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  • Writer's pictureIan Gibbs

Optimising Your Learning: Three Essential Concepts to Bear In Mind


Whether you're studying for exams, learning new skills for your career, or simply broadening your knowledge, learning is an essential skill.


Nevertheless, learning can be challenging, and it's vital to understand how our brains work to optimise our learning techniques.


So in this weeks blog I'd like to explore three essential concepts you should consider when trying to learn something new or helping someone else to learn.



Limited Input


The truth is that your brain can only cope with a limited amount of new information at any given time.


And when I say limited, I mean about 3 to 5 new things at once.


If you try to take in too much, you can quickly become overwhelmed - your thoughts become fuzzy and it can be challenging to retain information.


To avoid this, you have to introduce new knowledge gradually.


Start by breaking down the subject matter into manageable chunks and focussing on one concept at a time.


For example, if you're learning a new language, focus on learning just a few specific phrases or grammar rules before moving onto more advanced topics.


Too much in one sitting is just asking for trouble.


This approach will give your brain enough time to process and store information without getting overloaded.



Multicoding


Multicoding is the practice of using various methods to receive and store ideas.


This could include traditional methods such as reading, listening, watching videos, or more creative ones like doodling, singing or making 3D models.


But the more you use, the more you help your brain to create stronger connections between its different parts, which can improve our memory retention and recall.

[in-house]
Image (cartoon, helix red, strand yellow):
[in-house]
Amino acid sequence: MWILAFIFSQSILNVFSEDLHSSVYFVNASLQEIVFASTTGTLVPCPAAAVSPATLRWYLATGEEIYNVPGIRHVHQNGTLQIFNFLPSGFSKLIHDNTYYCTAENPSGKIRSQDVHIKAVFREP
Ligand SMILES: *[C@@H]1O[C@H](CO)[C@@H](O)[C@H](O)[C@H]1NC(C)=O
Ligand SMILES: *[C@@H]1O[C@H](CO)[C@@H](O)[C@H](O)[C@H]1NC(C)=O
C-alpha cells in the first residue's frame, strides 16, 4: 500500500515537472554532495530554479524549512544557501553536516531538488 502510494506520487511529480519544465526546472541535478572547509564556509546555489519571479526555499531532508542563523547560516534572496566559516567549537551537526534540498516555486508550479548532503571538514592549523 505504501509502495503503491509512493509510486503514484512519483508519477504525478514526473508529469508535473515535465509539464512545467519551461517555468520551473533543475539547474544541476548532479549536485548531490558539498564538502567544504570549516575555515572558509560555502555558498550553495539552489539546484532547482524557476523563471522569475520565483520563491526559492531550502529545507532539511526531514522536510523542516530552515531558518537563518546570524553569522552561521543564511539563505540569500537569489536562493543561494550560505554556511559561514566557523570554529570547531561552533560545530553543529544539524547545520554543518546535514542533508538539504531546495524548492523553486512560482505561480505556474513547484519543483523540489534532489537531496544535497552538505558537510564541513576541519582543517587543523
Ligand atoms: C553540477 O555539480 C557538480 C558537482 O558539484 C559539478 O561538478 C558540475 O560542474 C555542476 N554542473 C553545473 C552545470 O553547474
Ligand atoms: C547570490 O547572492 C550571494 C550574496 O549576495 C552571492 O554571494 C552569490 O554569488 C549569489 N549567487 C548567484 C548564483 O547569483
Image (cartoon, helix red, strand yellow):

So, if you're learning about a new process at work, in addition to attending the training day or reading notes, you could try summarising the new ideas into a doodle format or record an audio of yourself explaining them.


This works because it allows you to engage with the subject matter in different ways, helping you to remember it more effectively.



Vocalisation


Finally, one of my favourites.


Vocalisation is the process of putting new ideas into words and discussing them with others.


When you explain a concept to someone else, you are forced to clarify your thinking and organise our thoughts logically.


This can help you identify gaps in your understanding and reinforce your learning.


Furthermore, discussing ideas with others can expose you to new perspectives and ideas, deepening your understanding of the subject matter.


So, if you're learning about a specific historical event, you could discuss it with friends or family members to gain new insights and perspectives.


Effective learning is crucial to our personal and professional growth, and understanding how our brains work can help optimise our learning strategies.


So the next time you're studying or helping someone else learn, evaluate these three concepts of limited input, multicoding, and vocalisation.


Are they being used or abused?


By doing so you can ensure that new information is being taken in more effectively and retained for longer.


That's what Learnability is all about.


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